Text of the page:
The sun was warming things up, but for some reason I don't hold out much hope of seeing the Red-footed Falcon as I stood at the 'Trail Wood Viewpoint'. I stood with two other birders and there were another three further along the path. We counted three Hobbies at 10.20am who were flying around feeding and perched up in the trees on the edge of the fen – such beautiful aerobatic birds. Suddenly the male Red-footed Falcon appeared at 10.40am – what a fantastic bird – the colours were truly amazing and easy to pick out amongst the hobbies – the dark, slate grey plumage strikingly different. The pictures I took from here were absolutely rubbish. It was nice to bump into James H. here and we both sighed and smiled at the fact that we would be spending hours deleting and sorting through pictures later this evening! I watched this bird here for a good while until it seemed to favour the 'New Fen Viewpoint' end of the reed bed, so I walked to this viewpoint and sat on the seats. I stayed here all afternoon! What could be better than sitting down watching a stunning male Red-footed Falcon flying around in front of you with loads of Hobbies, hundreds of Swifts a couple of Common Terns and everything else! I hardly had time to eat my lunch with all the action going on. The number of Hobbies increased and I just simply couldn't count them all, but there must have been at least 20, probably more. The R.F.F. was the most challenging bird I have ever photographed – the speed of the bird, the light and wind made it very difficult indeed to pan and track. An injury at work means that my left shoulder and wrist is permanently in pain which is really annoying as I support the lens with my left hand! Its a good job I only have a 300ml prime lens – that's heavy enough. It was killing me to hold that camera up, but I was spurred on as a photographer always is, to obtain the best shots I could.  I couldn't believe how many blurry shots I was taking when I looked at the view finder. I took 632 pictures of the Red-footed Falcon and deleted most of them when I got home! One of the best afternoons birding I have had for a long time. It did rain a couple of times and the Hobbies and Red-footed Falcon left to perch up and then returned to feed when the sun returned. I felt so tired later on that I moved round to the seats on the opposite side of the shelter to lay down and have a snooze, which wasn't very successful as I felt really cold now. I trudged back to the Visitor Centre and bumped into and had a nice chat with Norman Sills who was telling me about all the cranes – he never seems to age, I swear he gets younger! The centre doesn't have a cafe as such, but does sell snacks and hot drinks and of course has toilet facilities.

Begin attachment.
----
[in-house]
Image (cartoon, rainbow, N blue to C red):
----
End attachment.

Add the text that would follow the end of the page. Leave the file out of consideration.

HOBBIES
 Flying with the Red-footed Falcon over 'New Fen'

 Hobbies and the Red-footed Falcon perched up in 'Trial Wood'.

 Action shot – catching an insect!

 RED-FOOTED FALCON
Lakenheath Fen RSPB.


Weeting Heath NWT
Just up the road from Lakenheath and always worth going to in hope of seeing Stone Curlews. A very helpful member of staff here informed me of where to look for the stone curlews from the west hide. It was raining now and as dull as ditch water. From the hide I saw no sign of any stone curlews with the bins, so got the scope out and scanned the whole area, still nothing. The member of staff I had spoke to came into the hide and pointed one out to me distantly – it wasn't there when I looked! It was the briefest of views as it disappeared just as quick below a small hill. No news of any spotted flycatchers yet (this is a good place for them when they arrive).